From East Yorkshire, UK
|Emigrated from:||East Yorkshire, UK|
|Moved to:||Whangarei, Northland|
|When did you arrive in NZ:||April 2006|
|My Story Written:||March 2007|
|Daily Commute Time:||20 minutes|
My husband was the driving force behind our move. He had become totally disillusioned with the UK and secured a job through an immigration agency as an HGV Driver.
A secured job offer, lower crime rate, climate, english speaking, drive on the same side of the road (although NZ has some of the worst drivers I have ever come across), scenery, laid back lifestyle, fresh food (especially fish and shellfish), wine and an overall sense of a slower pace of life.
Lack of public transport – meaning you have to drive everywhere. Lack of social facilities – take for granted the corner shop or your local pub. Closing times of shops, restaurants, bars etc is earlier than back home.
Not as stressed! The kiwi’s are very friendly and helpful and have really made an effort with us enabling us to integrate and settle more easily. Scenery and beaches – some fantastic scenery and when you visit a beach sometimes you are the only ones there. Good food and good wine.
Low wages and lack of holiday entitlements, the way New Zealanders drive, lack of retail therapy opportunities. Sometimes it takes so long to get things done. NZ Immigration Policy seems to change rapidly and without much open discussion/debate. They are not as animal friendly as the UK. Dogs beware!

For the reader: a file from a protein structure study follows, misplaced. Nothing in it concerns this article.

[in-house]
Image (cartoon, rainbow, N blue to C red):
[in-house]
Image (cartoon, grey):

My family and friends. Walkers Cheese and Onion crisps and Thornton Chocolates. UK TV (although we complained about this, it is hugely more appealing than NZ TV).
I found employment within the first 3 months although the employment agencies that I signed on with were pretty useless in finding even temporary work for me. I feel lucky though in finding this job as I believe I could have easily still been looking even now.
I work longer hours for less pay and conditions of service but I am not as stessed as I was working in the UK and I don’t feel I have to prove myself all the time. My employer has been very appreciative of my skills and abilities which really does make a difference, something which UK employers take for granted.
We have been fortunate to have been in a position to buy our own home outright whereas in the UK we had a mortgage. We are fortunate to both work and be able to afford some luxuries, although eating out is not as regular as it was back in the UK.
I would say this is equal in comparison.
I would suggest do your homework and research NZ really well. As a country it has a lot to offer but at the same time can be quite a culture shock. Think carefully about why you want to move to NZ and keep these reasons valid after your arrival – it is worth all the effort you put in – even for me and I didn’t really want to leave the UK, but have since found living and working in NZ a challenging and invigorating experience.